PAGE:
Approximately 90% of the companies listed on the Fortune 500 list in 1955 are now gone. These companies have gone bankrupt, merged, or perhaps still exist but have fallen from the Fortune 500 list. Each year, 1 million new businesses are established and 40% fail before the end of the year. After 5 years, 12% survive and less than 3% survive after 10 years. Numerous studies show that the most important factor for sustaining long-term business success is leadership.
If leadership is so important, why do we focus so little on actually learning to lead? We spend time building business acumen, learning how to give presentations, and figuring out performance management systems. We sit through some training and perhaps read some books. But why do we spend so little time actually learning to lead? I’m not just talking about leadership at the top of an organization. I’m talking about leadership across an organization and leadership in positions where there’s no leader, director, manager, or whatever in a person’s title. To illustrate the need to learn to lead, I love to use an analogy from medicine.
A highly trained orthopedic surgeon has successfully conducted hundreds of knee and hip replacements. She is excellent at what she does, works with many residents and is repeatedly asked to share her expertise at medical conferences. One day, the medical director walks in and tells the orthopedic surgeon that she has been moved to heart surgery. The surgeon is stunned. She has no training or residency experience in heart surgery. The medical director senses her disbelief and says, “Oh, don’t worry about it! This is a great development opportunity, a real honor in fact. You’re crazy smart so you’ll figure it out as you go. You start on Monday.”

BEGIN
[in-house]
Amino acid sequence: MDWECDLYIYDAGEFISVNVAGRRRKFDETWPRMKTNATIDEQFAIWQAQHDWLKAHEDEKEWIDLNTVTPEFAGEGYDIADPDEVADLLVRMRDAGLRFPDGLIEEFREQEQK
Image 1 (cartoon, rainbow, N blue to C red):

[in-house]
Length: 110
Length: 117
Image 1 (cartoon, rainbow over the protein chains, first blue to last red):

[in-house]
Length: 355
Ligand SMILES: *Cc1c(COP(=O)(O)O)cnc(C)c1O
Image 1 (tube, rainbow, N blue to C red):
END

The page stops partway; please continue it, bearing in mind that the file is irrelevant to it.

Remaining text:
This example may sound nuts to you but think about it. Over and over again, we ask talented employees to lead and expect them to figure it out as they go. Let’s say that orthopedic surgeon was actually an accomplished scientist in a R&D organization. She’s excellent at what she does, works with other technical staff and is repeatedly asked to share her expertise at industry conferences. One day, her boss walks in and tells the scientist that she has been moved from her role as an individual contributor in the lab and will lead a large team that routinely interfaces with various functions in the business. She’s stunned. To her, it feels a bit like taking on heart surgery with no experience. Her boss senses her disbelief and says, “Oh, don’t worry about it! This is a great development opportunity, a real honor in fact. You’re crazy smart so you’ll figure it out as you go. You start of Monday.” Holy hot mess.
I know first hand that this situation is a holy hot mess because I’ve been on both sides. I’ve been in a similar situation as a R&D scientist and absolutely felt like I was taking on heart surgery. And, despite my own personal experience, I’m guilty of once being a manager that “delegated” out “opportunities” without providing critical support for my staff. I asked my staff to lead and didn’t always help them learn the necessary skills to do that effectively. Fortunately, I had some self awareness (and a crisis in a parking lot) and realized I had skill gaps that needed to be addressed. I needed to learn to lead myself.
Are you asking your staff to demonstrate skills they don’t have yet?
Are you feeling lost without leadership skills you know are important?
Consider our one-on-one coaching and peer group coaching programs. Learn to lead. We lift. You rise.
“A leader is one who knows the way, goes the way and shows the way.” -John C. Maxwell